I hustled over to the awards’ podium to catch the winners’ presentation, braving the crush of fans who squeezed in with me.  First up was Cancellera, who was awarded the stage winner’s bouquet by the PowerBar girls:

Then, without any preamble, it was time for the yellow jersey presentation.  Contador was hamming it up a bit much, but it was undoubtedly a long 3 weeks of racing as the favorite, so the relief he felt after this stage was evident:

And what Contador victory would be complete without his “pistolero” salute (sorry, I only caught the recoil):

Next up was Alessandro Petacchi in his recently re-acquired Green Sprinters’ Jersey (which he held on to during the final stage in Paris):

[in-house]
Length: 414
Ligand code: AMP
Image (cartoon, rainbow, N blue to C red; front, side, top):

Then Anthony Chartreau of French Team Bbox Bouygues Telecom did the host nation proud by donning the final polka-dot Climbers’ Jersey (and you’ve got to love those wacky umbrella dresses worn by the podium girls):

The final jersey awarded was the White Jersey for Best Young Rider, which of course went to Andy Schleck, who was oh-so-close to winning it all for the second year in a row (and quite possibly would have won if not for that untimely mechanical on Stage 15 when he was in the yellow jersey).  But there’s little doubt that we’ll see a lot more of this duel in the next few years, as both Schleck and Contador are just hitting their prime years for racing!